Because there is no papering over the cracks that appeared so visibly in the German set-up in Moscow yesterday afternoon. Mexico were effervescent when counter-attacking and solid when defending. Germany created a lot of chances, but the high line of their defence left them too exposed, and on more than one occasion during the second half Mexico found themselves in positions from which other, more resourceful teams would surely have taken greater advantage. But they won nevertheless, and they warranted it. Hirving Lozano scored the only goal of the game ten minutes from half-time when the Mexican midfield put together a beautiful passing move through midfield, ultimately rewarded with Lozano’s finish against a threadbare defence. But there were other chances besides. Mexico came to sit back, absorb, and counter-attack, and they played it to perfection.

Germany have seldom otherwise been made to look so ordinary in this competition over the last decade or so. But recent results in friendly matches have not been encouraging, with only the odd goal in three against Saudi Arabia and a draw against Spain in March to show for their five matches so far this year. Defeat against Sweden in their next match might well put them effectively out of the World Cup with a game to spare, and unless they sort out defensive positioning they seem ill-equipped to deal with any team that will set back and try to counter-attack, and will remain vulnerable. Even finishing second in the group brings problems of its own – doing so will see them have to play Brazil in the Second Round of the competition, should Brazil win their group. There are stormy waters ahead for Germany, but they haven’t quite sunk yet.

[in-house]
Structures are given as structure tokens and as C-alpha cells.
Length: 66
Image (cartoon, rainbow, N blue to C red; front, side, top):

Brazil, meanwhile, laboured their way to a one-all draw with Switzerland in the evening. Philipe Coutinho opened the scoring after twenty reasonably free-flowing minutes, but Brazil didn’t quite get out of second gear and five minutes into the second half Steven Zuber brought scores level for Switzerland. It was a controversial goal, in the time of the Dawn of the Robots. The referee didn’t seem to spot him pushing Miranda in the back, the VAR people – whose job under such circumstances is to report anything that the referee might want to see again – didn’t seem to spot it either. The goal stood.

It wasn’t as though Brazil had come for the one-nil win, but they were still stodgy and laboured in their attempts to reassert their will back upon the game, whilst Switzerland looked variously threatening every time they broke. The Brazil coach, Tite, had hardly picked a defensive formation and the big names were all present and correct, but still Brazil failed to convince, although this didn’t feel as immediately noticeable as it did with Germany earlier in the day. They’ll play better than this and they’ll qualify from this group, but last night they didn’t match up to the sum of their parts. Switzerland will feel extremely grateful for this, even though they were well worth their point as well.